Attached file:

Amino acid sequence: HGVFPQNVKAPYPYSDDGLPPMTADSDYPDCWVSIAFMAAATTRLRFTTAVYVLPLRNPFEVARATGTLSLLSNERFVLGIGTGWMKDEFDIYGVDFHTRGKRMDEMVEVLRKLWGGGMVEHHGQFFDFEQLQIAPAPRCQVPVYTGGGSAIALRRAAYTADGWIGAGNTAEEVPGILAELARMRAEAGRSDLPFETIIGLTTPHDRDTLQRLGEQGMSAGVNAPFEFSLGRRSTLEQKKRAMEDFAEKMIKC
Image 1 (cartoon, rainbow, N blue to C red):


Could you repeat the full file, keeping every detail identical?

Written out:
Amino acid sequence: HGVFPQNVKAPYPYSDDGLPPMTADSDYPDCWVSIAFMAAATTRLRFTTAVYVLPLRNPFEVARATGTLSLLSNERFVLGIGTGWMKDEFDIYGVDFHTRGKRMDEMVEVLRKLWGGGMVEHHGQFFDFEQLQIAPAPRCQVPVYTGGGSAIALRRAAYTADGWIGAGNTAEEVPGILAELARMRAEAGRSDLPFETIIGLTTPHDRDTLQRLGEQGMSAGVNAPFEFSLGRRSTLEQKKRAMEDFAEKMIKC
Image 1 (cartoon, rainbow, N blue to C red):